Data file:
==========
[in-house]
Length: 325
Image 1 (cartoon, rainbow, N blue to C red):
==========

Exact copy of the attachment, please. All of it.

[in-house]
Length: 325
Image 1 (cartoon, rainbow, N blue to C red):